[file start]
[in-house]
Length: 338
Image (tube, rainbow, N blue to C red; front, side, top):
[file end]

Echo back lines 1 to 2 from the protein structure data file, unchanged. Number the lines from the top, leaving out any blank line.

[in-house]
Length: 338